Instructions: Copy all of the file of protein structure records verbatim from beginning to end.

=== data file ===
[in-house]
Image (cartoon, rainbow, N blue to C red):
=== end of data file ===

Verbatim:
[in-house]
Image (cartoon, rainbow, N blue to C red):